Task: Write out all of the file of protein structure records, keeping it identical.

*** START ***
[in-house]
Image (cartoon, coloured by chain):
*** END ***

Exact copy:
[in-house]
Image (cartoon, coloured by chain):